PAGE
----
The second interactive zone (Playback/Transmission) features a myriad of audio playback technologies throughout the decades, from 1950s radios to Sony Walkman cassette players to Apple iPods.  Again by moving a trackball visitors get information on each device on Samsung displays right next to them. 

The third interactive zone (Hey DJ) caters for DJs old and new.  It features a virtual record box, where visitors can flick through vinyl records and get information (and playback) of their favourites using an iiyama 42-in touchscreen (audio is via headphones).  The fourth interactive zone (Dance the Decades) gets visitors moving.   By selecting a different style of dance – heavy metal, rave, rock and roll etc – and following instructions on the screen (an 82-in Samsung LCD display) they can transport themselves onto the dancefloor of their choice.

The final interactive zone is sponsored by guitar brand Gibson, and features an array of Gibson (and Roland) equipment.  The effect of which may be longer-lasting than the two hours (on average) it takes to fully go around the BME says Taylor.  “It features top of the line guitars, a music shop won’t let beginners play these type of instruments, so for us it’s an inspirational thing having them here.  We could be inspiring a whole generation of musicians here.”  One of the two clever innovations in this area is that visitors can follow on-screen tuition for each instrument (available in easy, intermediate and expert) and record their performances and email it to themselves when finished.  The second innovation is that this area is virtual silent, a far cry from most music instrument stores. Playback for each instrument is through headphones, and the drum kit is an electronic one, so gives off little outside noise.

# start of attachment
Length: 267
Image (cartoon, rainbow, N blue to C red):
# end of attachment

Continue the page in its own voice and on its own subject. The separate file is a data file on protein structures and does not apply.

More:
The main stage features a performance from singer Boy George (with specially recorded vocals), but it’s not quite the one visitors would expect.  Josh Miller describes how the show came about, “At one of the early meetings with all the stakeholders we did a hologram test for them, and it blew everyone away, so it was decided to go with that concept for the main stage.  Then it was down to us to find the best projector within budget, to make it look at realistic as possible.”  Using Pepper’s Ghost technology, the main stage features a 12,000 lumens Digital Projection laser projector.  A 7th Sense media server feeds directly into the projector to give it the purest signal possible.